- Nucleophilic aliphatic substitution reactions of alkyl halides with metal cyanides in the Kolbe nitrile synthesis. Aryl nitriles are prepared in the Rosenmund-von Braun synthesis.
- Dehydration of primary amides. Many reagents are available, the combination of ethyl dichlorophosphate and DBU just one of them in this conversion of benzamide to benzonitrile:
- dehydration of secondary amides (von Braun amide degradation)
- dehydration of aldoximes with triethylamine/sulfur dioxide, zeolites, or sulfuryl chloride
- One-pot synthesis of aldehyde with hydroxylamine and sodium sulfate.
- In one study  an aromatic or aliphatic aldehyde is reacted with hydroxylamine and anhydrous sodium sulfate in a dry media reaction for a very small amount of time under microwave irradiation through an intermediate aldoxime.
- reaction of metal cyanides with aldehydes in the cyanohydrin reaction
- from aryl carboxylic acids (Letts nitrile synthesis)
- aromatic nitriles from diazonium compounds in the Sandmeyer reaction
- A commercial source for the cyanide group is diethylaluminum cyanide Et2AlCN which can be prepared from triethylaluminium and HCN. It has been used in nucleophilic addition to ketones. For an example of its use see: Kuwajima Taxol total synthesis
- cyanide ions facilitate the coupling of dibromides. Reaction of α,α'-dibromo adipic acid with sodium cyanide in ethanol yields the cyano cyclobutane:
- In the so-called Franchimont Reaction (A. P. N. Franchimont, 1872) an α-bromocarboxylic acid is dimerized after hydrolysis of the cyanogroup and decarboxylation 
- Aromatic nitriles can be prepared from base hydrolysis of trichloromethyl aryl ketimines (RC(CCl3)=NH) in the Houben-Fischer synthesis 
Nitrile groups in organic compounds can undergo various reactions when subject to certain reactants or conditions. A nitrile group can be hydrolyzed, reduced, or ejected from a molecule as a cyanide ion.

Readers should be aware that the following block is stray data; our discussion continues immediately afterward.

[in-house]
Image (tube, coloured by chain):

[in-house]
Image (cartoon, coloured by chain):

The hydrolysis of nitriles RCN proceeds in the distinct steps under acid or base treatment to achieve carboxamides RC(=O)NH2 and then carboxylic acids RCOOH. The hydrolysis of nitriles is generally considered to be one of the best methods for the preparation of carboxylic acids. However, these base or acid catalyzed reactions have certain limitations and/or disadvantages for preparation of amides. The general restriction is that the final neutralization of either base or acid leads to an extensive salt formation with inconvenient product contamination and pollution effects. Particular limitations are as follows:
- The base catalyzed reactions. The kinetic studies allowed the estimate of relative rates for the hydration at each step of the reaction and, as a typical example, the second-order rate constants for hydroxide-ion catalyzed hydrolysis of acetonitrile and acetamide are 1.6×10−6 and 7.4×10−5M−1s−1, respectively. Comparison of these two values indicates that the second step of the hydrolysis for the base-catalyzed reaction is faster than the first one, and the reaction should proceed to the final hydration product (the carboxylate salt) rather than stopping at the amide stage. This implies that amides prepared in the conventional metal-free base-catalyzed reaction should be contaminated with carboxylic acids and they can be isolated in only moderate yields.